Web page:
So far as the neoconservative theory, espoused by Irving Kristol, that both income and intelligence within the U.S. population are logically distributed along similar bell-shaped curves. Walzer proclaims: "In the United States, nature is triumphant. We are all perfectly bell-shaped." But he questions seriously how one can seek to use one measure to judge the whole range and variety of human capacities and virtues: intelligence, physical strength, agility, grace, artistic creativity, mechanical skill, leadership, endurance, memory, psychological insight, capacity for hard work, moral strength, sensitivity, ability to express compassion.
He is equally impatient with the notion that the country can be ruled wisely by a "new class" of intellecutuals and professionals, who share, according to one proponent, "a culture of critical discourse (CCD)." Walzer wonders whether the new classers don't have "CCD" in pretty much the same way that "capitalists have capital, homeowners have homes, and cancer victims have cancer." What the new class really represents is an individualist and consumerist neo-bourgeoisie whose members owe their middle-and upper-middle-class status to their ability to earn educational certificates and to occupy a range of positions in state and economy.
But Walzer is equally hard on the pretension, arrogance, and lack of democracy he sees on the political left He finds Marxism inadequate both in theory and practice, with its outbursts of irrational savagery long wars, failure of working-class parties to produce socialist societies, the drift toward authoritarianism, and intense nationalism. Furthermore, he realizes the Marxists badly underestimated the attractions of bourgeois political culture, the achievement of legal equality, legitimate opposition and liberation.
He also has little patience with American leftists, who in their search for an independent identity, respeatedly turn liberals into their "chief enemy," failing to recognize that there is a certain continuity between liberal success and radical aspiration, and that there are shared concerns and a need to work together.
Walzer longs for a utopian socialist society with "a democratically run economy alongside a democratically run state" at its core. He visualizes a "vanguardless revolution," a gradual movement in which a new class of activist citizens will win a series of accomodations and gradually find a larger scope for their political activity and cultural influence.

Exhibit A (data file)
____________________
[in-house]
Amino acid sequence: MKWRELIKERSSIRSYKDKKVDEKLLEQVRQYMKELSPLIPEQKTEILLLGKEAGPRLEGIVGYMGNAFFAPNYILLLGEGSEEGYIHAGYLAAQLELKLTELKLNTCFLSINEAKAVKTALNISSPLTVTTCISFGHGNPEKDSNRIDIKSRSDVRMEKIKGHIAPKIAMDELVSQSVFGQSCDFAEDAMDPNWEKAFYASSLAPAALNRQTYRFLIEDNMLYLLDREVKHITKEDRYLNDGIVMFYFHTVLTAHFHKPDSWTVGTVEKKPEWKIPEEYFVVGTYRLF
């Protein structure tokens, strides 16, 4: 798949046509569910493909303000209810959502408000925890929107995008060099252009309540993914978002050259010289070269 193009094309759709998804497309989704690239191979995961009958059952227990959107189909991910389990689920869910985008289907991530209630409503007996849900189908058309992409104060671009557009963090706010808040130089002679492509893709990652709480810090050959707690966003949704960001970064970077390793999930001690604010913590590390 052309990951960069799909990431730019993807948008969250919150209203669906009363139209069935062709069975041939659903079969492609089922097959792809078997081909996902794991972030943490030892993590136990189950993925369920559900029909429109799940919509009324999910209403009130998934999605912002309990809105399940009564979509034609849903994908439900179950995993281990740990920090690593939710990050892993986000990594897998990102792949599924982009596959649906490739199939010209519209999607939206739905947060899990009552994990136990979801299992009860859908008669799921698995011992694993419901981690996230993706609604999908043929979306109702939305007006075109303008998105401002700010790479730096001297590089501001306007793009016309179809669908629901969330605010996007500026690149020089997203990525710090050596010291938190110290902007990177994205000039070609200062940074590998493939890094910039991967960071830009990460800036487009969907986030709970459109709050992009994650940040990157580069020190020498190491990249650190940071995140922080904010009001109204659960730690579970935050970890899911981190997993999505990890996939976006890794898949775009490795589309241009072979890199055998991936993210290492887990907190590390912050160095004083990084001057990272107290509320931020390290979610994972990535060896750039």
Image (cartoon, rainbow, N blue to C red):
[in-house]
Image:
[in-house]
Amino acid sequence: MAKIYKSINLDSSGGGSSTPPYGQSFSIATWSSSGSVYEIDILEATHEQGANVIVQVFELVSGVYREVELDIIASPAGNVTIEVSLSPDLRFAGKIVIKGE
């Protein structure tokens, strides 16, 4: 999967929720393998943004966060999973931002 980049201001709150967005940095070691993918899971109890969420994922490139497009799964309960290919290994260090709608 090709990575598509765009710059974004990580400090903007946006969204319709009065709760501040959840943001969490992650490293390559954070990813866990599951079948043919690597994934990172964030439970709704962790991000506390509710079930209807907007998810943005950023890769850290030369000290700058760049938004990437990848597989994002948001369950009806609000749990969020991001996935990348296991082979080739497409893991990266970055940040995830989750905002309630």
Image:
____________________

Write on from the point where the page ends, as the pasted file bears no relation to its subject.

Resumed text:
Walzer doesn't pretend to know whether his socialist vision can be realized, but whether one shares his socialist economic ideas or not -- and I do not -- he offers a number of useful ideas to those Americans, of many political persuasions, who share a concern about the impersonality of goverment today, the lack of a shared citizen dedication to addressing national crises, and the lack of a more vibrant participatory democracy.
Just how one fosters greater participation in self-government is a most difficult question. As Oscar Wilde once observed, "socialism would take too many evenings."
Obviously, some decentralization of power would help, if citizens could be encouraged to seek and share power at the level of the neighborhood, the precinct, the workshop, the community. Sensitive to the needs of self-government on a more manageable human scale, citizens could, as Walzer suggests, seek new procedures in government on a more manageable human scale, citizens could, as Walzer suggests, seek new procedures in government so that "bureaucratic services make possible rather than replace local decision making."
But participatory democracy has its built-in problems as well; the people who inevitably won't go to the meetings have rights, interests and opinions which must be protected. "Participatory democracy has to be paralleled by presentative democracy," writes Walzer. "Without it, we will only get one or another sort of activist or apparatchik tyranny."
Walzer's philosophical observations indirectly offer wisdom about dealing with one of the knottier present problems in American domestic politics: the effective selection of good presidential candidates.
In a reaction against establishment power exercised in proverbial smoke-filled rooms, liberal activists in the Democratic party reformed the nomination procedures (Republican nominating procedures changed as well) so that participant activists could organize and nominate a candidate such as George McGovern in 1972. A reaction against the power of the that minority of activists led to the present proliferation of primaries, in which a variety of candidates, vitally dependent on media success, need to make a rapid and positive impression on the electorate.
In the past, the alleged old-style pols undoubtedly wielded too much power; with the succession of reforms in recent years too many of these politicians -- our elected representatives -- have been totally excluded from the process.
A blend of participatory and representative democracy might give us a better mix of citizens who could then gather at a convention and pick a presidential candidate. Walzer acknowledges that he is not certain how one precisely gets the right blend, how one adjusts the power shared between active participating citizens and the larger electorate to whom those citizens must be responsible.
The strength of the essays in Radical Principles is not that Walzer provides answers to these difficult problems of effective democracy, but that he poses them, urging us all to a greater and more thoughtful commitment to civic virtue.